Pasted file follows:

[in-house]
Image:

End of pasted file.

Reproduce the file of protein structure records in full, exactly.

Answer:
[in-house]
Image: